Question on appeal to the Court of Appeal – condition of contract or innominate term?
The sole question of law considered by the Court of Appeal was whether the term contained in Clause 9A to “keep the Vessel with unexpired classification of the class indicated in Box 10 and with other required certificates in force at all times” was a condition or an innominate term.
The Court of Appeal unanimously overturned the judge’s decision on this point, and found that the term was an innominate term and not a condition.
Gross LJ emphasised that the question of the classification of the term was one of construction, reviewing the key authorities on the classification of terms and reiterating the guidance summarised in Spar Shipping.
The Court of Appeal came to the firm conclusion both “textually and contextually” (Wood v. Capita Insurance Service Ltd  UKSC 2) that the term was not a condition, and provided the following reasons:
- The term is not expressed to be a condition. This was a consideration of some significance, given that the BARECON ’89 form is an industry standard, and drafted after consideration by an industry drafting committee. Had the industry and parties wished to make the position plain, they could have used the language of condition, but they chose not to do so.
- Not a time clause. The term was not a “time clause” of the nature under consideration in Bunge v. Tradax  1 WLR 711.
- No interdependence. There was no interdependence of obligations – it was not a condition precedent.
- Type of breach. Although the term goes to the classification status of the vessel and only one kind of breach is possible (i.e., either the vessel is in class, or she is not), the Court of Appeal considered this to be outweighed by other factors.
- 9A as a whole. The term was found in the middle of Clause 9A dealing with Charterers’ maintenance obligations. Having regard to the structure of the clause as a whole, if the classification obligation had been intended to be a condition, this would be a surprising place to find it. The classification and maintenance conditions are closely connected, and Charterers’ obligation as to the physical maintenance of the vessel is plainly not a condition.
- “other required certificates…” The term required Charterers to keep “…other required certificates in force at all times”. Owners contended that this meant that the certificates in question were those “required by class in order to issue the main classification certificate”. This wording could not be limited to certificates required by class, as it would have added nothing to Charterers’ obligation to maintain class. The Court considered this argument damaging to Owners’ case, as they were driven to say either that only part of the term is a condition (not including the “other required certificates” wording), or that Charterers’ obligation as to “other required certificates” forms part of the condition for which they contend, which would seem “hopelessly open-ended”, as “it would mean, for instance, that this 15 years’ charterparty could be terminated by Owners if Charterers committed any breach in respect of the certificates required under the BWM or AFS conventions.”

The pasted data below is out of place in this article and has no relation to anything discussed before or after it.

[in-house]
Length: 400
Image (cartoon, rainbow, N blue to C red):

- The scheme of the charterparty: insurance. It was clear that Clause 13B (dealing with P&I insurance) was not a condition of the charterparty. A breach of Clause 13B did not entitle the Owners, without more, to terminate the charterparty. The clause provides for Owners to notify Charterers, whereupon Charterers have a period time to remedy the breach. This undermined Owners’ submission that Clause 9A was a condition.
- Consequences of breach. Breach of the term may likely result in trivial, minor or very grave consequences, “thus suggesting that the term is innominate rather than a condition”. (Spar Shipping)
- A continuing obligation. It was one thing to conclude that a statement as to a vessel’s class at the commencement of the charterparty is a condition or condition precedent, but another to hold that a 15 years’ warranty to maintain the vessel in class at all times is a condition. Typically, continuing time charter warranties as to the vessel’s physical condition do not constitute conditions. The Court considered that the advantages of certainty, achieved by categorising the term as a condition, were clearly outweighed by the risk of trivial breaches having disproportionate consequences.
Overall, while being aware of the difference between a bareboat and time charter, this was held not to be enough to determine that the term was a condition.
This decision provides helpful guidance on the proper interpretation of parties’ continuing obligations during the life of a bareboat charterparty in relation to matters such as classification status, and the consequences if a Charterer fails to fulfil such obligations. It also demonstrates the Court’s reluctance to classify contractual terms as conditions, where the risk of disproportionate consequences outweighs the advantages of commercial certainty.
More generally, the case provides a clear statement of the Court’s approach to construction and an overview of key cases, which may be of use when drafting contracts.